Mechanisms of Integrin-Mediated Growth Control in Normal, Transformed, and Neoplastic Breast Cells.
Annual rept. 30 Sep 94-29 Sep 95,
SEATTLE BIOMEDICAL RESEARCH INST WA
Pagination or Media Count:
The interaction between a normal cell and its substratum, a phenomenon known as anchorage dependence, is an important determinant of the G IS transition. The cell surface receptors that mediate cell-substrate adhesion are known as integrins. It is possible that extracellular matrix proteins regulate normal cell growth by transmitting signals to the interior via specific integrin receptors. in transformed cells such signaling pathways might be absent or dysfunctional thereby conferring unresponsiveness to normal growth constraints. The present studies are focused to understand how integrin receptors, in particular a5B1, participate in the regulation of cell division in normal breast cells and to determine how breast cancer cells escape these regulatory pathways. Our preliminary findings demonstrate that ligation of the a5B1 integrin receptor in normal breast cells by URUDS peptides results in the rapid activation of cdc2 a cyclin dependent kinase active at the Oils transition. These findings provide the first clear evidence in support of a direct role for integrin receptors in the control of normal cell division. The effects of a5B1 mediated signaling in transformed BC will be investigated.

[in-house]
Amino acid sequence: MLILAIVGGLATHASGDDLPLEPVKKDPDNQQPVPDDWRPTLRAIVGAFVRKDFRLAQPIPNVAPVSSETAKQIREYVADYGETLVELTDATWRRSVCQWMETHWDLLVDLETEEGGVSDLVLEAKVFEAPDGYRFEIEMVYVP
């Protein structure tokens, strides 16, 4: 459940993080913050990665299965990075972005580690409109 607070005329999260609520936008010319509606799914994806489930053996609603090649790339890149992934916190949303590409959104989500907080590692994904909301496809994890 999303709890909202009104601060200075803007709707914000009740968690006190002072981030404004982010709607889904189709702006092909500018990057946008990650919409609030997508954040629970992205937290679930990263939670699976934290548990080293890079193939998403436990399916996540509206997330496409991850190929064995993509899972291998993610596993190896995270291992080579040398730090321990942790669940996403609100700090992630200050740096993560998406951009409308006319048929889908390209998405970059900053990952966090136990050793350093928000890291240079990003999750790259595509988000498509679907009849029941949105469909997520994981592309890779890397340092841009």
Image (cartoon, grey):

- Anatomy and Physiology
- Medicine and Medical Research